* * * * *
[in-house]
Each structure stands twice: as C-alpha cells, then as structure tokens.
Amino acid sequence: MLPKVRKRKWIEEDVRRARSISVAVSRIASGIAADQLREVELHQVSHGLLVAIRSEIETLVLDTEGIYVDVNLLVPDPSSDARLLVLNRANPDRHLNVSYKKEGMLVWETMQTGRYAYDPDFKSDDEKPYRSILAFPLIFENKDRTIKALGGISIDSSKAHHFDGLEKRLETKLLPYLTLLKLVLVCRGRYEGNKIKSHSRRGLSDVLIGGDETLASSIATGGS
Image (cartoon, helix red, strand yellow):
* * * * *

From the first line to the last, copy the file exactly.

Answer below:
[in-house]
Each structure stands twice: as C-alpha cells, then as structure tokens.
Amino acid sequence: MLPKVRKRKWIEEDVRRARSISVAVSRIASGIAADQLREVELHQVSHGLLVAIRSEIETLVLDTEGIYVDVNLLVPDPSSDARLLVLNRANPDRHLNVSYKKEGMLVWETMQTGRYAYDPDFKSDDEKPYRSILAFPLIFENKDRTIKALGGISIDSSKAHHFDGLEKRLETKLLPYLTLLKLVLVCRGRYEGNKIKSHSRRGLSDVLIGGDETLASSIATGGS
Image (cartoon, helix red, strand yellow):